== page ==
LIHU’E – From educating the next generation of recyclers to handing out vehicle oil-change kits and backyard composting kits to encouraging more residential and commercial recycling simply by having a place where many recyclable items can be dropped off, the new Kauai Resource Center is helping extend the life of the Kekaha Landfill by diverting tons of materials formerly destined for the Westside.
Or is it?
The facts are that Island Recycling, the contractor selected to run the county resource center, in June shipped off the island 43,000 pounds of corrugated cardboard, 900 pounds of white ledger paper, a ton of magazines, 30,000 pounds of aluminum cans, 81,300 tires, and 36,500 wooden pallets, representing amounts collected between the mid-April opening of the center and the June shipment date.
Though the amounts collected through the Kauai Recycles residential recycling program, with bins from Waimea to Princeville, have been decreasing on a monthly basis since the April opening of the Kauai Resource Center, the total tonnage collected through that residential recycling program between April and July this year still represents more material diverted from the landfill than during the same period last year.
A spokesman for Garden Isle Disposal, the contractor of the county’s residential recycling program, Kauai Recycles, said the increased tonnage collected doesn’t necessarily mean more diversion from the landfill, only that the amount collected is now spread between two contractors.
But back to the Kauai Resource Center.
“We’re doing a good thing down there,” said Mayor Maryanne Kusaka, who during her current term of office once said that recycling is simply a “feel-good” activity that will never be profitable on this island.
Still, she has managed to embrace the concept that the community can actually prolong the life of the island’s only landfill by practicing recycling.
Speaking before the Lihue Business Association recently, she had high praise for both the center and Allison Fraley, the county’s first-ever recycling coordinator.
The county’s summer enrichment program, for children ages six to 11, had a recycling component in its educational mission this year, with several enrichment sites installing permanent composting bins after touring the center and learning about recycling and composting, Fraley said.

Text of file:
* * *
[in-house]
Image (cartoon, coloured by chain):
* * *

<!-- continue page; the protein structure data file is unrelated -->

Backyard recyclers quickly gobbled up the county’s supply of 670 free composting bins, after sitting through 20-minute composting classes, signing registration forms and agreeing to take part in surveys designed to gauge program effectiveness, Fraley said.
There is a waiting list for the next batch of bins, she added.
County recycling officials plan on giving out free oil-change kits for motor vehicles at the Farm Bureau Fair beginning next weekend, if any are left by then, she said.
The kits hold six quarts of oil, and the kits with used oil are accepted for recycling at the landfill and transfer stations at Princeville, Kapa’a, Lihu’e and Hanapepe. The county has 800 kits to give away, said Fraley.
Those receiving kits must sign forms pledging they’ll use the kits to change the oil on their vehicles, and recycle the oil, she said.
The county’s portion of the recycling program has enjoyed volunteer help, but Fraley is always on the lookout for more volunteers, she said.
The center is open 8 a.m. to 4:30 p.m. Monday through Friday, and some Saturday hours as well.
The recycling program is operated by Island Recycling, 245-4700. For more information, please call the county recycling office, 241-6891.
Island Recycling is open Tuesday through Saturday, 8 a.m. to 4:30 p.m. Unsupervised free public drop-off is also available each Monday from 8 a.m. to 4:30 p.m., for all materials except tires. Also, on unsupervised Mondays, there is no cash paid for aluminum cans.
The Kauai Resource Center is at 3460 Ahukini Rd., between Lihue Airport and the Lihu’e transfer station.
Staff Writer Paul C. Curtis can be reached at mailto:firstname.lastname@example.org or 245-3681 (ext. 224).